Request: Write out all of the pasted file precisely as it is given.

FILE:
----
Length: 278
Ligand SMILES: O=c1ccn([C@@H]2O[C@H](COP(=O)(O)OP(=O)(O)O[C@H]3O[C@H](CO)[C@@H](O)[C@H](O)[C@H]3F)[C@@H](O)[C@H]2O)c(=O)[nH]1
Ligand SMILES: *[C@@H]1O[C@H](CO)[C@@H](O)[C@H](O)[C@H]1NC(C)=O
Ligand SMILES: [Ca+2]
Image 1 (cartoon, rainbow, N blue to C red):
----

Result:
Length: 278
Ligand SMILES: O=c1ccn([C@@H]2O[C@H](COP(=O)(O)OP(=O)(O)O[C@H]3O[C@H](CO)[C@@H](O)[C@H](O)[C@H]3F)[C@@H](O)[C@H]2O)c(=O)[nH]1
Ligand SMILES: *[C@@H]1O[C@H](CO)[C@@H](O)[C@H](O)[C@H]1NC(C)=O
Ligand SMILES: [Ca+2]
Image 1 (cartoon, rainbow, N blue to C red):